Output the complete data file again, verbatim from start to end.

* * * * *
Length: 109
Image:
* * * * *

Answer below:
Length: 109
Image: